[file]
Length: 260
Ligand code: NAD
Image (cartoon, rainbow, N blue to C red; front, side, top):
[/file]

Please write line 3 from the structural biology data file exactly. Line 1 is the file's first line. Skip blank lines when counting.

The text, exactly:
Image (cartoon, rainbow, N blue to C red; front, side, top):